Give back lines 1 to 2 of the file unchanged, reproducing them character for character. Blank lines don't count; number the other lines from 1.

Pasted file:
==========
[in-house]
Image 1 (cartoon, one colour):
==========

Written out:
[in-house]
Image 1 (cartoon, one colour):